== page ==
This Strategy Creates Results

by Charles V. Lemmon
Most sellers think total confidentiality is critical. That strategy may be flawed.
If a company dominates its market and has good employee relations, then a strategy for strict confidentiality may not be in the seller’s best interest. In our firm’s 18 years of experience, market dominant companies have achieved their highest value by enlisting the advance support of front line managers and then publicly announcing their intentions.
Stated differently, in our firm’s experience, those companies with the greatest post merger/acquisition success publicly announced their selling intentions in advance.
Management and employees appreciate being informed, and then having an influence on their company’s pending change. Management and employees appreciate being part of the buyer selection team. It is powerful when a buyer visits the company and everyone knows the purpose of the buyer’s visit.
Sellers are always concerned, “will the buyer take care of my employees?” Buyers are always concerned, “will management and all employees remain?”
Some sellers are intimidated to meet with buyers. When management becomes involved in the buyer selection process, a new dynamic emerges. Buyers are forced to qualify themselves as suitors. Management takes an active roll in the discussions, which is appreciated by the buyer. The seller experiences less anxiety because he or she is relieved of the one-on-one perceived pressure. It is powerful when an informed management team meets with a buyer:
1. Instead of being skeptical of a seller’s private decision, management is supportive, informed, prepared, and motivated.

2. Management becomes involved in the selling process.

3. Management provides valuable input in the selection process.

Our firm’s officers coach management not only to sell the company and themselves, but also to politely ask, “What do you (the buyer) bring to our company?” and “How are we a good fit for your plan?” and “How are you good for us?”. Challenge the buyer. Turn the tables and keep control. Make the buyer articulate why he is the best among the selected suitors. Make him sell his money and his company to you.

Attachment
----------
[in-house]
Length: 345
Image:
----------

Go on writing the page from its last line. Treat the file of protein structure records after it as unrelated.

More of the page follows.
This strategy is effective only when the selling company is strong in its market and is ready to proceed in earnest with the selling process. It takes a confident seller to announce intentions in advance.

Some sellers correctly worry that their customers may leave after an announcement. They fear the relationship they have built with the company’s personnel will end after a sale. Our experience is that customers appreciate knowing that management will own part of the ongoing business. If pertinent, they appreciate knowing that the seller intends to remain during a transition period. If changes are forthcoming, they will be for the customer’s benefit. There will be both increased resources and an emphasis on growth Ð both of which benefit customers.

Generally, sellers are asked to remain for a negotiated transition period. During that time the seller together with management and the buyer visit customers. Together as a mutually selected team, each customer is told with enthusiasm that the company will remain basically unchanged with the same management, but there will be growth improvements. The new owners like what they see and bring new enhancement resources.
Vendors simply want to sell more of their products and to be paid. Unless a company is distressed, vendors will generally cooperate and assist in the selling process if there is a reasonable prospect to sell more of their products. In the due diligence process vendors may support the selling process with their positive statements regarding the company’s management, payment history, market standing, future prospects & etc.
Lets remember, the goal of the transaction and this strategy is both to maximize shareholder value and ensure a smooth transition. It is easy to see that these goals benefit the seller, buyer, management, employees, vendors, and the community. With announced intentions and cooperation from management, then the seller negotiates from a position of strength.
Bold strategy? Perhaps. But it works.

Analytical feedback from management is valuable. Many eyes looking at a buy-out partner are better than just two eyes.

In our experience, when management is informed and becomes involved in the selling process, then there is a much higher probability of gaining maximum value for the company. The buyer perceives less risk because management has helped to choose the buyer; and thus, both management and the employees are more likely to stay with the company and continue it’s positive trends.
Continuing positive trends are especially critical when part of the seller’s compensation is tied to the future performance of the company.
New Age thinking? Perhaps it is just timely. It is good business to allow management to have input into the destiny of their company and their individual careers. Employees throughout the organization frequently share similar positive attitudes because their managers are informed, involved and supportive of the selection process. Positive attitudes are contagious when management is informed and supportive of pending change.

Charles V. Lemmon is President of C.V. Lemmon & Co., Inc., a private M&A advisory firm in Dallas, Texas. Charles Lemmon can be contacted by telephone @ (214) 207-9694 or by e-mail at cvlemmon@cvlemmon.com.